Does it make sense to use smart plugs on partially detected devices? What I mean is, I have a few devices like my dishwasher and coffee maker, that have variable load through its normal usage cycle. Sense has detected them, but only part of their usage cycles. It’s been a few months, so I’m not sure if it will ever get better. Would it make sense to put them on smart plugs so their entire usage cycle are captured? Any downsides for doing so?
I have put smart plugs on several partially detected devices in my house. I have them on my two furnaces for a few reasons:
- Sense was quite good at detecting the air handler but missed several other components of the furnace operation (igniter, gas blower) and didn’t seem likely to ever find those.
- I also wanted a rock solid detection of the air handlers that I could use for doing correlation studies against AC detection in the summer.
- I was also interested in the Always On component stemming from the logic boards and thermostats attached to the furnace. The smartplug interface was able to peg the Always On usage for both furnaces at 7W, which helped reduce my aggregate Always On number.
I can’t see any downsides except:
- Using smartplugs on a detected device eats into your limit of 20 smart outlets total (current limit for Sense monitor)
- You have to remember to attach the detected smartplug device (i.e. the dishwasher component found by native detection ) to the smartplug device to avoid double counting.
Beyond detection and ground-truth “rock solidness” (to partially quote @kevin1), I have found smartplug switching capability to also be very useful and a motivation to put partially-detected devices on smartplugs:
Kitchen hood goes ON, using IFTTT, a room-to-room fan gets switched off.
Non-Hue light switching … also triggered via IFTTT.
While device disaggregation is marketed as the core capability of Sense, I have found that it’s real (current) strength is as an accurate and reliable logging gatekeeper between the grid supply and my house “grid” along with the notifications that primarily (reliably) come with the smartplug integration. Over time I’m expecting that my little grid of smartplugs and so on will be simplified as Sense gains intelligence but there will always remain the tangle of copper and breakers, extension cords and power strips, roving vacuum cleaners and new things to plug in so a certain chaos is to be expected.
The futurist in me says devices themselves will eventually migrate toward having built-in line-voltage signalling … injecting into the household grid a higher frequency ID-like signal ("I’m here, I’m on, I’m off and so on) that future iterations of Sense will be sensitive to. On an industrial level this is precisely what (big) “devices” do. NDI has a little taste of that. In the meantime, for the rest of us, Sense + smartplug = upside.
If your thinking along the lines that it will help Sense get a better detection of the device, it won’t.
If it were me, I wouldn’t use a smart plug on a partially detected device.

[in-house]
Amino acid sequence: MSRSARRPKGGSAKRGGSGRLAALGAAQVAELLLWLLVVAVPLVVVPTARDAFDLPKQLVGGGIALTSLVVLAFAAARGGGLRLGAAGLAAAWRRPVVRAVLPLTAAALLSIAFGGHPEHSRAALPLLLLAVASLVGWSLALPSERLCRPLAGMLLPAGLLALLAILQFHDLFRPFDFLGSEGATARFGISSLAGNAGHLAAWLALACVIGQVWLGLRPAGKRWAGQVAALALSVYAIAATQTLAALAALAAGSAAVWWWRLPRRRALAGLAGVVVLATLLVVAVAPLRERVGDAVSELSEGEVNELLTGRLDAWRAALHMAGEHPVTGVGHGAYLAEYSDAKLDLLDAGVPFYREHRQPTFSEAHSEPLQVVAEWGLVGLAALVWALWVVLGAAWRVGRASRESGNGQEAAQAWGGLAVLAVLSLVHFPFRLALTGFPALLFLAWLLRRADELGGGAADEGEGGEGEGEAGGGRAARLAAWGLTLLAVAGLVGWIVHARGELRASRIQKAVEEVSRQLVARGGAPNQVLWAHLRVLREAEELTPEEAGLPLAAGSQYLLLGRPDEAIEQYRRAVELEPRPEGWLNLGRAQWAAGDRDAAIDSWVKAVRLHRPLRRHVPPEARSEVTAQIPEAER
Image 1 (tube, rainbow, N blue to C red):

If your getting a bunch of notifications if a device is turning on and off a lot during a cycle, that normal.
I’ve requested they change timing so an off alert won’t be triggered for a few seconds so if it’s going to come back on, it will be seen as a single cycle.
Wow, I didn’t know that there is a 20 smart outlet limit! I already have 16, and have 4 more HS110 on the way. Good thing I didn’t order any more!
That’s how my solar monitor system works - the signals are sent via the power line (PLC) to the controller, which interfaces with a remote server. I still find Sense’s solar quite useful though, because it’s much more granular and high frequency. It’s also the power feeding into the grid, which is about 4% lower than what my inverters report due to DC-AC conversion loss.
Why wouldn’t you use a smart plug on a partially detected device though? Wouldn’t you want accurate power reporting for that device?
Is there a limit to the number of smart plugs I can connect to Sense?
The number of smart plugs is limited primarily by Wi-Fi network bandwidth. Typical Sense users can use about 20 smart plugs without issue. Note that each used plug of the TP-Link HS300 smart strip counts as 1 smart plug.
The smart plug would likely make it where the detection did not improve. It would be fully detected using th plug but not in the same way as the plug would be the actual detection
I see. I have 10 HS110 and 1 HS300, and have 4 more HS110 being delivered today. So that sounds like I’m OK.
My thinking is that it’s been months and the detection hasn’t gotten better. That’s why I’m wondering if it will ever get better, or if I should just bite the bullet and put them on smart plugs.
That’s a tough one.
If you have hope then don’t use the plug.
If you’ve given up on it then go ahead and use it.
I personally don’t use a smart plug if there is the slightest chance of a good detection. It’s all personal preference